And hear how these two pilgrims talk together;
      Yea, let them hear of them, in any wise,
      Thus to keep ope their drowsy slumb'ring eyes;
      Saints' fellowship, if it be managed well,
      Keeps them awake, and that in spite of hell."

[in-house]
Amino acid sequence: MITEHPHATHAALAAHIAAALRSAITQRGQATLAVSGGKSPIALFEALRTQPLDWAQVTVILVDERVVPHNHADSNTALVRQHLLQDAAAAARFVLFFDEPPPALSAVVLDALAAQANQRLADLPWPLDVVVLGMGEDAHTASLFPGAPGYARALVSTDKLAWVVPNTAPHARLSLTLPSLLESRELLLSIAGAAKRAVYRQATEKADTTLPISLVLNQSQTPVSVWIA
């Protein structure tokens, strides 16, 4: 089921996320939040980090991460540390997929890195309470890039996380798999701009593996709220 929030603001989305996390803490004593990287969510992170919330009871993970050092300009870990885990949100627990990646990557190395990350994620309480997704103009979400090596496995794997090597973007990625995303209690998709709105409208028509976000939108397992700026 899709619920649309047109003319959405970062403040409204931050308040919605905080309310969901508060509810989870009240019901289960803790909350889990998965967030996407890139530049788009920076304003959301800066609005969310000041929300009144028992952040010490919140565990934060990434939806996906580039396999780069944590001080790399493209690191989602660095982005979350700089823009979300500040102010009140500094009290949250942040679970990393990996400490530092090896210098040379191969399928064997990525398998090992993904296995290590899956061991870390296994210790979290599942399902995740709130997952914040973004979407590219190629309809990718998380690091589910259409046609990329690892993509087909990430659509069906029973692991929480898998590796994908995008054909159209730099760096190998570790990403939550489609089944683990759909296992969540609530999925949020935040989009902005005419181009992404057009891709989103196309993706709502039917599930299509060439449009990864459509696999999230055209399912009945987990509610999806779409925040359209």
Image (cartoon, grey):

2. But far worse than all its briars and thorns, far more fatal than all its ditches and pitfalls, were the enchanted arbours they came on here and there planted up and down that evil land. For those arbours are all of this fatal nature, that if a man falls asleep in any of them it arises a question whether he shall ever come to himself again in this world. Now, where there are no inns nor victualling-houses, no Gaius and no Mr. Mnason, what a danger all those ill-intended arbours scattered all up and down that country become! Well, then, the first enchanted arbour that the pilgrims came to was built just inside the borders of the land, and it was called The Stranger's Arbour--so many new-comers had lain down in it never to rise again. The young and the inexperienced, with those who were naturally of a believing, buoyant, easy mind, lay down in hundreds here. Hopeful's mind was naturally a mind of a soft and easy and self-indulgent cast; and had he been alone that day, or had he had for a companion a man of a less wary, less anxious, and less urgent mind than Christian was, Hopeful had taken a nap, as he so confidingly called it--a fatal nap in that arbour built by the enemy of pilgrims, just on purpose for the young and the ignorant, the inexperienced and the self-indulgent.